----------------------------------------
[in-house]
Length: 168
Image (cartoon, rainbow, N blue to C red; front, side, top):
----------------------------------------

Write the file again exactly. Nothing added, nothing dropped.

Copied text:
[in-house]
Length: 168
Image (cartoon, rainbow, N blue to C red; front, side, top):